Let's Use the Hashtag #iosedapp for Tweets with Educational iPad/iPhone/iPod Apps


In March 2010 I proposed that educators use the Twitter hashtag #edapp to make it easy for others to find tweets that mention an educational app when searching Twitter. I even made a t-shirt to get to word out about the hashtag. I wore that shirt and explained hashtags in Episode #22 of the Learning in Hand podcast.

You need to know that no one controls a hashtag. Anyone can use any hashtag, even if what they write is not relevant to the keyword. Unfortunately, spammers are including #edapp in their tweets. That makes it difficult to find the tweets that really contain educational apps. That's a tragedy because I have learned about so many great apps over the last two years through searching for #edapp.

My vision for #edapp was that tweets tagged #edapp would mention a single educational app or list of apps for iPad, iPhone, and/or iPod touch (all of which run Apple's iOS). Because no one controls a hashtag, my vision doesn't mean that it is others' vision for its use. Some Twitter users tag any tweet in which they mention anything that has to do with iPad or iPod touch as #edapp. Some mention web-based tools (even tools that are flash-based and do not work on iOS devices). Android, Windows, and Mac apps are often slipped in there too.


Don't get me wrong. So much of what people have been hashtagging with #edapp has been fantastically valuable. But, I want myself and others to be able to search Twitter and instantly find educational apps for iOS. Between the spammers and the ambiguousness of the keyword edapp, I now propose using the hashtag #iosedapp when mentioning apps or lists of apps for iPad, iPhone, and iPod touch. This is the keyword I will include somewhere in my tweets when I share a newly discovered educational app or when an interesting educational app goes on sale. I hope you'll do the same.

You can find tweets tagged #iosedapp in a variety of ways. One way is to go to twitter.com/search and enter #iosedapp. You don't need a Twitter account to use the search. If you see many tweets that are all the same, refine your search to include -RT. That will remove retweets so all tweets displayed are originals.

When tweeting about an app, I highly suggest including a link to the app's page in the App Store. The best way to do this is through iTunes on your PC. When on an app's details page, simply click the arrow next to the price and choose Copy Link. Paste that link into your tweet. Don't worry about how long the URL is because Twitter will shorten it.


Check out what has been recently tagged #iosedapp in the widget below. Note that there will probably be some tweets that do not mention an iOS app because, at least at first, some tweets will be referring to the use of the new keyword.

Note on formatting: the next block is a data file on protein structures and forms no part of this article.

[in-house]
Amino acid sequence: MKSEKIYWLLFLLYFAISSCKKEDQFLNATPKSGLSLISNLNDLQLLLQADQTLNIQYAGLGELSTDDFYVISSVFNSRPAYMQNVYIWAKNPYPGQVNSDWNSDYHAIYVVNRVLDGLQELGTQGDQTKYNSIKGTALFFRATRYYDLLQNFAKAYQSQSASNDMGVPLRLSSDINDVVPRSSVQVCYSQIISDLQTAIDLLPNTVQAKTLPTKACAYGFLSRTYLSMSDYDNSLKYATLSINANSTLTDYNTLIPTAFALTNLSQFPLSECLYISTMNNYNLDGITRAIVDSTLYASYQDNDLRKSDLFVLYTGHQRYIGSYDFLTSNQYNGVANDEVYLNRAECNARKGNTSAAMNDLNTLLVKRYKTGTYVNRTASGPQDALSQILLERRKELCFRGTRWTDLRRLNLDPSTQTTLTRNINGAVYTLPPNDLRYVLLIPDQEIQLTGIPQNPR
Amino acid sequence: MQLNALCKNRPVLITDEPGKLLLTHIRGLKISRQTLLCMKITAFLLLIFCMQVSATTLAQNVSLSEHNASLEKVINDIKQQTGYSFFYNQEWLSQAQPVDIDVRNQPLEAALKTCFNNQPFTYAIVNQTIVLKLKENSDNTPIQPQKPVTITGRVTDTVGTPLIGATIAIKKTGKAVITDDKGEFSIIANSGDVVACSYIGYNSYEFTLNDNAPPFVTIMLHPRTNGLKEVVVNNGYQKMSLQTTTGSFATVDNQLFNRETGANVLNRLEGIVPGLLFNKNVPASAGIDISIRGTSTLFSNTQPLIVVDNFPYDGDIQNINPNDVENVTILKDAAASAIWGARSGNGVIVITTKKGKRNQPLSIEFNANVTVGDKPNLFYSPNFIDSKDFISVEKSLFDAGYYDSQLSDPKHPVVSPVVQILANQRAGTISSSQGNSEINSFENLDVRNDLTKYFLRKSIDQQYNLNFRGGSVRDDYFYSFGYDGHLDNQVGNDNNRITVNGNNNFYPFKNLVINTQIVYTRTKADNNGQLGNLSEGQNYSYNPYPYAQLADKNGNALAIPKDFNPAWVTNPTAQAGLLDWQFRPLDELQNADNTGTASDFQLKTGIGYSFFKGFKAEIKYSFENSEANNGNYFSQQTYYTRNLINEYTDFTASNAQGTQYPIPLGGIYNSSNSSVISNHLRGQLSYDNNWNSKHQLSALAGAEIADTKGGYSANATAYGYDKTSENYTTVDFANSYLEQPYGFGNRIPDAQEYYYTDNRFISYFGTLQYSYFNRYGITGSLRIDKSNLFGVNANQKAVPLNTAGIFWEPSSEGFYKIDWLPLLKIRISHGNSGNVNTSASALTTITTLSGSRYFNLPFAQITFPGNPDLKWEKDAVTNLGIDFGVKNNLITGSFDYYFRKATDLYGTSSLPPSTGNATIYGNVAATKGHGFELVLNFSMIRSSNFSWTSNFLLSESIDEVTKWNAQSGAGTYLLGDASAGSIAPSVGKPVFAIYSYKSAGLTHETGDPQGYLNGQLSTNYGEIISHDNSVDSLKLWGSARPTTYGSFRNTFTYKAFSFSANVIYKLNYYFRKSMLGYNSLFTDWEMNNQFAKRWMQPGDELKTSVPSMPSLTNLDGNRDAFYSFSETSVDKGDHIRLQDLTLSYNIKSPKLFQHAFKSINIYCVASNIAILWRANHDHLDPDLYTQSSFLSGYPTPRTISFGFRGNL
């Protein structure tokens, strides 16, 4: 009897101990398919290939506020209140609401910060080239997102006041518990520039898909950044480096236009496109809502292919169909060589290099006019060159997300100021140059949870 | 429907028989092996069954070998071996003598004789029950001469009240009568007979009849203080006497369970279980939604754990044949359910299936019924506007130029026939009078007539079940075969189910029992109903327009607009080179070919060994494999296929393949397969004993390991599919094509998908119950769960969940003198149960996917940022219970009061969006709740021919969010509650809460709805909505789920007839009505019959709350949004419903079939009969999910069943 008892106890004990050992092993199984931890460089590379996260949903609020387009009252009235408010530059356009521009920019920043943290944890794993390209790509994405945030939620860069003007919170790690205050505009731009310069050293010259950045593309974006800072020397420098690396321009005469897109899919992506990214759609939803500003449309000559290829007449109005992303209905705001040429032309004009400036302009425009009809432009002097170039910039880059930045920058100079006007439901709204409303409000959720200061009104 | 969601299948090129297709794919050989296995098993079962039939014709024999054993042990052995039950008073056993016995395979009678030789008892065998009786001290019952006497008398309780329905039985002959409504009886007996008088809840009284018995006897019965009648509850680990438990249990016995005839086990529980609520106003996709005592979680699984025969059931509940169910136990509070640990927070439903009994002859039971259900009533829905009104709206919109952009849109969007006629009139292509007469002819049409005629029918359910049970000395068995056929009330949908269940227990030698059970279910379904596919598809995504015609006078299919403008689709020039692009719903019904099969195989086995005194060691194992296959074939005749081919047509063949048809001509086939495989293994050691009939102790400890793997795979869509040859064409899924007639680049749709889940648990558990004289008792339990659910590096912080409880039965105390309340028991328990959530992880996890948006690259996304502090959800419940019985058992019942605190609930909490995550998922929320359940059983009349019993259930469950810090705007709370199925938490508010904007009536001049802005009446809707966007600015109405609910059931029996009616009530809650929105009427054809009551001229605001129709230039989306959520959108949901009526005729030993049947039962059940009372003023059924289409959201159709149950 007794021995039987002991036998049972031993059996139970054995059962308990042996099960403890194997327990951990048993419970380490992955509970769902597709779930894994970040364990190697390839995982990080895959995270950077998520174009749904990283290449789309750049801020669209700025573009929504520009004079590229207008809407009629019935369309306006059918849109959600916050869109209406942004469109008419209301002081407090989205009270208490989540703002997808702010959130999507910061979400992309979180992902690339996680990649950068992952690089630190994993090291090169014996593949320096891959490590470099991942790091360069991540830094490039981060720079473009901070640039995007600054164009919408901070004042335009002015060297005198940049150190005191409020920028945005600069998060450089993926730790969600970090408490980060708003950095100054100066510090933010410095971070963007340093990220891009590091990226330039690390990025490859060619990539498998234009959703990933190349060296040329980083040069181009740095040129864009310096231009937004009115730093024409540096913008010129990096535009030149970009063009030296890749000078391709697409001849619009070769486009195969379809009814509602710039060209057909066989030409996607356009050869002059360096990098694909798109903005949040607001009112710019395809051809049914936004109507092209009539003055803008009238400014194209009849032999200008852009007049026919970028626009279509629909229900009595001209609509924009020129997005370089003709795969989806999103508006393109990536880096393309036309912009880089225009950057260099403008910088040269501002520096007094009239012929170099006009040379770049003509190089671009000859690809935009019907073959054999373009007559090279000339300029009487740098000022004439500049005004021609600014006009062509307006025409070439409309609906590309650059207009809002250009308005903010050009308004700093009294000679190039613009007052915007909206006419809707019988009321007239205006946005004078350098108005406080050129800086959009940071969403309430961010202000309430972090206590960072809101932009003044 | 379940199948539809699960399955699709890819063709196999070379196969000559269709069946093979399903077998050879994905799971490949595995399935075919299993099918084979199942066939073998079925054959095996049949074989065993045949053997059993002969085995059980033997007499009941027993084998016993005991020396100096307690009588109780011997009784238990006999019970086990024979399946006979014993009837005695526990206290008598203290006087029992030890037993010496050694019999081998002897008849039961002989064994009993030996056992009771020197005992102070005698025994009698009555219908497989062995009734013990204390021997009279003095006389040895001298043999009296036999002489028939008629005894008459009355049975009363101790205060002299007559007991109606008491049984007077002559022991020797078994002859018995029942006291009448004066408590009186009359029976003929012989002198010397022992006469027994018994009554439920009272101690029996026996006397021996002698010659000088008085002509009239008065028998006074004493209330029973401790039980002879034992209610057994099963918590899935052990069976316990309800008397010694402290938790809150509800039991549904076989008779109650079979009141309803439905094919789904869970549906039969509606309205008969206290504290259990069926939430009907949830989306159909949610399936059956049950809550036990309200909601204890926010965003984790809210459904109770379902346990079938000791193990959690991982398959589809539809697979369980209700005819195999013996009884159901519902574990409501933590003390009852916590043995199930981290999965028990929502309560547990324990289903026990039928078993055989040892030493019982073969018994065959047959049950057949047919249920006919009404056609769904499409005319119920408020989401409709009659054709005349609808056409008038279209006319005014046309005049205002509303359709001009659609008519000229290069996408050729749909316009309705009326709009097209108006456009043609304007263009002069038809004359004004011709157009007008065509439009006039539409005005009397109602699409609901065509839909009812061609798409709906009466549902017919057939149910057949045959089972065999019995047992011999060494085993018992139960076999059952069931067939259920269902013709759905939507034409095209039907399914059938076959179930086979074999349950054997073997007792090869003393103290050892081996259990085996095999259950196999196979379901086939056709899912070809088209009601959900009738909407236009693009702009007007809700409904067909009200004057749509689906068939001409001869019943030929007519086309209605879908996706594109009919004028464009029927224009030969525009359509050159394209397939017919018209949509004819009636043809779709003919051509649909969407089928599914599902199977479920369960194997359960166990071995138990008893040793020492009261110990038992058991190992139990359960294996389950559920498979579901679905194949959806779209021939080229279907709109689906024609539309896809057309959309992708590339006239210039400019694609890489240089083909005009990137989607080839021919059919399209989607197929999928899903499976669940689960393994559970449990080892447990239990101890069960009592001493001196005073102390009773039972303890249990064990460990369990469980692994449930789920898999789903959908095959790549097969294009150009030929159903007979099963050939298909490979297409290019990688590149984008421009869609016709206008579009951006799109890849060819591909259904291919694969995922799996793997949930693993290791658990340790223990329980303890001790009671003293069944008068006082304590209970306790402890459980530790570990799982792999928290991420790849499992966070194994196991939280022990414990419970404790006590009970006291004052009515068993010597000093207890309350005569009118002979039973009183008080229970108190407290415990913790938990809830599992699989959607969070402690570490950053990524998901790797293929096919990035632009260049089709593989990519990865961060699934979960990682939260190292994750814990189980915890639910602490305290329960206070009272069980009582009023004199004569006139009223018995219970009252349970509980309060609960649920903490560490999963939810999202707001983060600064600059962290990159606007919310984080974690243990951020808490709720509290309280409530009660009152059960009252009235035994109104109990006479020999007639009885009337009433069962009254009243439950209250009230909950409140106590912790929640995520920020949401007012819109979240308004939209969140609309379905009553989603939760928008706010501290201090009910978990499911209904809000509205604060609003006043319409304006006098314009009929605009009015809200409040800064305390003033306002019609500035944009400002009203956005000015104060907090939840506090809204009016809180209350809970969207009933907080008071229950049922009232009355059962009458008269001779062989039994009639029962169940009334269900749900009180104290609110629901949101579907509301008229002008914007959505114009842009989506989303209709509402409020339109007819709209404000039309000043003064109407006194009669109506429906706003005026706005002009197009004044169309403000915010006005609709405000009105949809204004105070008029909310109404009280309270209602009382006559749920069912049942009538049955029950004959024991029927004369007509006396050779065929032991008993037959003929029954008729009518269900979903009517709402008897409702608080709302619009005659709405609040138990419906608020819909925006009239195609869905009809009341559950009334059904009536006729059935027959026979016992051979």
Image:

new TWTR.Widget({ version: 2, type: 'search', search: '#iosedapp -RT', interval: 7000, title: 'Educational Apps Mentioned on Twitter', subject: '#iosedapp', width: 650, height: 280, theme: { shell: { background: '#1533ad', color: '#ffffff' }, tweets: { background: '#ffffff', color: '#444444', links: '#1533ad' } }, features: { scrollbar: true, loop: false, live: true, hashtags: true, timestamp: true, avatars: true, behavior: 'all' } }).render().start();

Got something to tweet about mobile learning and it's not a specific iOS app? Include one or two of these hashtags instead of #iosedapp:

For your information, here's what Twitter has to say about hashtags:

Definition: The # symbol, called a hashtag, is used to mark keywords or topics in a Tweet. It was created organically by Twitter users as a way to categorize messages.

Using hashtags to categorizing Tweets by keyword:

  • People use the hashtag symbol # before relevant keywords or phrases (no spaces) in their Tweet to categorize those Tweets and help them show more easily in Twitter Search.
  • Clicking on a hashtagged word in any message shows you all other Tweets in that category.
  • Hashtags can occur anywhere in the Tweet – at the beginning, middle, or end.
  • Hashtagged words that become very popular are often Trending Topics.

Using Hashtags Correctly:

  • If you Tweet with a hashtag on a public account, anyone who does a search for that hashtag may find your Tweet
  • Don't #spam #with #hashtags. Don't over-tag a single Tweet. (Best practices recommend using no more than 2 hashtags per Tweet.)
  • Use hashtags only on Tweets relevant to the topic.

Of course, I cannot guarantee that #iosedapp won't be overrun with spammers at some point. Maybe in two more years I'll be suggesting yet another hashtag...